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Call Intermountain a consultant on Cerner’s big-bucks military EHR bid..

By Joseph Conn 

When Cerner Corp., the Kansas City, Mo.-based electronic health-record developer, announced last week that Intermountain would be helping a consortium of IT firms, including Cerner, in its bid to win a 10-year, estimated $11 billion deal to replace the Military Health System’s multiple EHRs, the most obvious question was what exactly would be Intermountain’s role in the bid.

Consultant is “probably the single best word” to describe Intermountain’s role with Cerner, Intermountain Chief Medical Information Officer Dr. Stanley Huff said in an interview after the announcement.

“The current database and data dictionary at the DoD have the same structure and nearly the same content as the system at Intermountain,” Huff explained. “Our current live system and the DoD’s current live system are almost identical.”

Last fall, Intermountain announced it had contracted with Cerner to purchase and install its EHR in Intermountain’s 22 hospitals and 185 clinics. The experience both Cerner and Intermountain will gain from that massive installation—and other work between the two—could be beneficial to the military, Huff said.

“There is more or less a standard Cerner install, and there is a part of our agreement that is a co-development,” Huff said. The aim, he said, is to create new capabilities in the Cerner system.

“We’re hoping we can benefit the DoD with some of the new things,” he said, as well as impart some knowledge gained from Intermountain undergoing its own installation just ahead of the military. Bids on the military system are due Oct. 9.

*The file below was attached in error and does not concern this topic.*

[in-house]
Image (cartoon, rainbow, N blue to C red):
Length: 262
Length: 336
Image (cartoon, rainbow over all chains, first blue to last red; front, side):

In its bid Cerner is working with Leidos, a defense and national security contractor, and Accenture Federal Services, a systems integrator and consultant. At least three other prime contractors have chosen EHR vendor partners and announced their intention to bid as well—IBM with Epic Systems Corp.; Computer Science Corp., teamed with Allscripts and Hewlett-Packard Co.; and finally PricewaterhouseCoopers, paired with General Dynamics and EHR developers DSS and Medsphere.

Cerner’s introduction of a big-name healthcare provider like Intermountain as a collaborator is reminiscent of what IT giants Google and Microsoft Corp. did when they waged a personal health-record platform war in 2008. Google ballyhooed its recruitment of the Cleveland Clinic and Microsoft, the Mayo Clinic, as development partners on their PHRs, the now-defunct Google Health, and the extant Microsoft Health Vault.

So far, however, none of the other three Defense contract bidders have identified a provider partner similarly committed to the contracting process.

Follow Joseph Conn on Twitter: @MHJConn

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